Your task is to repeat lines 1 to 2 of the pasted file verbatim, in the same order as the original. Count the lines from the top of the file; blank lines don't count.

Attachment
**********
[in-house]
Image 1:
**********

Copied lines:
[in-house]
Image 1: